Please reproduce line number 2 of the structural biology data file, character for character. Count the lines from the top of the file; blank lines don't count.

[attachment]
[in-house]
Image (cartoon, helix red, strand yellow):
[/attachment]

Image (cartoon, helix red, strand yellow):